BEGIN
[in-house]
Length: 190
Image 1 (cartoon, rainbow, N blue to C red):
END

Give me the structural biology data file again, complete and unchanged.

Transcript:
[in-house]
Length: 190
Image 1 (cartoon, rainbow, N blue to C red):